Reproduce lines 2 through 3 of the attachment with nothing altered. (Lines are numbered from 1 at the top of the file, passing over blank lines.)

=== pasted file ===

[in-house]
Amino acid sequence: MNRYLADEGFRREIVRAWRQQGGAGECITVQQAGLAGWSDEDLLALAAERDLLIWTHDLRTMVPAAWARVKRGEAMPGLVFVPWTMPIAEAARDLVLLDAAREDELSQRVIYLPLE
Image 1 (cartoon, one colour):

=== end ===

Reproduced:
Amino acid sequence: MNRYLADEGFRREIVRAWRQQGGAGECITVQQAGLAGWSDEDLLALAAERDLLIWTHDLRTMVPAAWARVKRGEAMPGLVFVPWTMPIAEAARDLVLLDAAREDELSQRVIYLPLE
Image 1 (cartoon, one colour):